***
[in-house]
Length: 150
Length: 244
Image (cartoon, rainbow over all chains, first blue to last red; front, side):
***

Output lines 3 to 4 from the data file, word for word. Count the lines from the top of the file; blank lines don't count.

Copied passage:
Length: 244
Image (cartoon, rainbow over all chains, first blue to last red; front, side):